The margins of society refer to an existential rather than physical location. These might include the impoverished, people in the penal system, the homeless, the incurably mentally ill, or certain racial groups. NavJan is for the service of the last, the least and the lost ones of the society, and those on the peripheries must be the preferential recipients of our mission.

5. Prophetic Service to the End
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Prophetic character is a function or authority to speak the truth always as a spokesperson of God, without looking at its consequences. A prophet is a messenger of God, to be His spokes-person and do what He commands without looking for personal advantages or the likes of the listeners, even in adverse and odd situations. Prophets must be full of power of the Holy Spirit. Without the Holy Spirit, a prophet cannot function and will be just a babbling voice. The scriptures are clear that prophets must have the Spirit of God upon them. John the Baptist challenged Herod for keeping of Herodia, his brother’s wife, and the end result was John losing his own head. Godly character is essential to be a prophet.

To the end means withstanding all the odds of life until the last drop of blood, standing by the ideals one believes in and being ready to sacrifice one’s life for the principles one professes. Some of the key virtues that will be present in a prophet are as follows.

  • Power of the Spirit
  • Total Obedience
  • Peace with God
  • Patience
  • Integrity and honesty
  • Humility
  • Compassion
  • Tenacity and Commitment

6. Networking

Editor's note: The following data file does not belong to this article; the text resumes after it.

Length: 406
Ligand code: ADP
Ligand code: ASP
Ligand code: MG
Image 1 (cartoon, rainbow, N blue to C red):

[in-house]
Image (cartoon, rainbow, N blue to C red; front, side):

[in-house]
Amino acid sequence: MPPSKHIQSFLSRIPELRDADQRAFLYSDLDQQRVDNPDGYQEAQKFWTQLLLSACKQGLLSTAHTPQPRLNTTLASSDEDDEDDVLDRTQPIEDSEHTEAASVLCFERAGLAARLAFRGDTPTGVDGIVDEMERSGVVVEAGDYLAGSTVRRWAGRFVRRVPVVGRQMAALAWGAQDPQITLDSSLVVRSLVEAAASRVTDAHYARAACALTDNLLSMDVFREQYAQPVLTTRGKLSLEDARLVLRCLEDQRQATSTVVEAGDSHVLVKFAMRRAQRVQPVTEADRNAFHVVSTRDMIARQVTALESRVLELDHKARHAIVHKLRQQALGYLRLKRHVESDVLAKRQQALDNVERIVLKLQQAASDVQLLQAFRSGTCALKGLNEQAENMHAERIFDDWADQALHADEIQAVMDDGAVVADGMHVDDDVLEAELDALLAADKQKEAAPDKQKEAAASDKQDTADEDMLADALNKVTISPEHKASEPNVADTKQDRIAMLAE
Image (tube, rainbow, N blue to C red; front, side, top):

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Networking is a process that fosters the exchange of information and ideas among individuals or groups that share a common interest. It may be for social or business purposes. Professionals connect their business network through a series of symbolic ties and contacts. Networking helps to develop professional relationships that may boost an individual’s future business and employment prospects. Successful networking involves regularly engaging and following up with contacts in the network to provide and receive valuable information that is not readily available outside the network. Proper networking and sharing between likeminded organizations can avoid wastage of resources, duplication of services and improve efficiency. Networking enables sharing of resources and information for better and qualified services to the people being served.

7. Advocacy
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Advocacy is the act of pleading for, supporting, or recommending active espousal of something. Advocacy is an activity by an individual or group which aims to influence decisions within political, economic, and social systems and institutions. Advocacy can include many activities that a person or organization undertakes, including media campaigns, public speaking, commissioning and publishing research, conducting exit polls or the filing of an amicus brief.

An advocate is someone who provides advocacy support when you need it. An advocate might help you access information you need or go with you to meetings or interviews, in a supportive role. You may want your advocate to write letters on your behalf, or speak for you in situations where you don't feel able to speak for something.

8. Ethical Lobbying
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Lobbying means the deliberate attempt to influence political decisions through various forms of advocacy directed at policymakers on behalf of another person, organization or group. Lobbying is the activity of trying to persuade someone in authority, usually an elected member of a government, to support laws or rules that give your organization or industry an advantage. It includes all attempts to influence legislators and officials, whether by other legislators, constituents, or organized groups. People who do lobbying are called lobbyists.